Saturday, 24 February 2018

PRESTATYN SPORTS (Gronant Playing Fields)


After last weekends European travels I kept it closer to home this Saturday. I took the opportunity to complete visits to all of the clubs and grounds of the Welsh Alliance League. The opportunity of a 'champagne job' admittedly influenced my decision to head to Upper Gronant today.

Prestatyn Sports were formed as recently as 2013 and have enjoyed a fair amount of success in it's short history. The club won the promotion to the Vale of Clwyd & Conwy League Premier Division in its first season before going one better and winning promotion to the Welsh Alliance League as champions in 2015. The club also won an unprecedented quadruple by adding NWCFA Intermediate Cup, Premier Cup and Presidents Cup to their trophy cabinet.

In order to gain promotion to the Welsh Alliance the club left behind their Meadows home in Prestatyn, as that ground did not meet league criteria due to a lack of changing facilities and dugouts, and moved to the Gronant Playing Fields.

The ground is pretty basic but is railed behind one goal and up to halfway line, meeting the minimum standards for the Welsh Alliance. I am led to believe Prestatyn Nova and Greenfield have previously played on this ground. Whatever the ground lacks in facilities though it certainly makes up with vista, offering great views of the Irish Sea and of the Dee Estuary looking towards Point of Ayr lighthouse and Talacre Beach. There were refreshments available and a hot brew at half time was most welcome on a bitterly cold day.

The fact that the club are playing at Gronant led to them being voted out of the Welsh Alliance at the beginning of this season. Gronant does not fall into the catchment area of the league as it is in Flintshire (which is covered by the Welsh National League) and Prestatyn are a Denbighshire club. The club appealed the decision and won meaning they were reinstated to the league. Plans are in place for a suitable home back in the town but lack of funds are proving problematic.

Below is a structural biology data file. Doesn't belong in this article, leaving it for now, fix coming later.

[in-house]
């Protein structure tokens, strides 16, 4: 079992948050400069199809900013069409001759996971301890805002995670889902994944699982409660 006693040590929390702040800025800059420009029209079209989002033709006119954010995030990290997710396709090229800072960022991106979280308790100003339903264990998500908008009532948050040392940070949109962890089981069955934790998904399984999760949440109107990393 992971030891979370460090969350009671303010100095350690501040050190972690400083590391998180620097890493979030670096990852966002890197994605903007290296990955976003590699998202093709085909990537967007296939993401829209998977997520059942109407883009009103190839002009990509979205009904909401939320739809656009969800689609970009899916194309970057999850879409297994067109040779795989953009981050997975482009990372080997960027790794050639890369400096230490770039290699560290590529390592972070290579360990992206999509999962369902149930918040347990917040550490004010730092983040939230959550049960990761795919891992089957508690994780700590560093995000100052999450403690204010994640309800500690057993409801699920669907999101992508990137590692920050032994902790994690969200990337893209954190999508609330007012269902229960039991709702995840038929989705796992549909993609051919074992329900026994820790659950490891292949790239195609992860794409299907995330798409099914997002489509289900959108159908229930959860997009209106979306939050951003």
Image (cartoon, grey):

Penmaenmawr Phoenix were the visitors to Upper Gronant this afternoon. The opening exchanges were very scrappy with neither side able to take control. The turning point was a penalty to Sports and red card to a Phoenix defender midway through first half, for deliberately handling on the line. Ian Griffiths (33) stepped up to convert the spot kick and after that it was one way traffic and basically shooting practice for the home side. 

Goals from James Harper (50) Chris Owen (53) Mike Jones (60) and Jack McDougall (80) ensured a comfortable afternoon at 'The Fortress' for Prestatyn and luckily for Penmaenmawr some of the other finishing was poor or the scoreline could have been a hell of a lot worse! The result leaves Sports second in the table, 22 points behind leaders Glan Conwy, but they still have a whopping 10 games in hand. 

Saturday, 17 February 2018

HOLSTEIN KIEL (Holstein Stadion)


My final trip of the weekend took me to north to the city of Kiel, located on the shores of the Baltic Sea. The city is a major maritime base and busy port and the Kiel canal is one of the busiest in the world.

It was an early start from Münster in order to make the 1300 kick off. The ground is a good 30 minute bus ride from the main station, but fortunately buses are frequent so there was plenty of time for a beverage and a frikadellen. Holstein Kiel were hosting Erzgebirge Aue in a 2.Bundesliga clash. Coincidentally, Kiel were the visitors when I travelled to Aue a few years ago.

Kieler Sportvereinigung Holstein were formed in 1900 and in their early years were a dominant force in the north. They won the German championship in 1912 but have never reached the promised land of the Bundesliga, spending most of their history in the second and third tiers.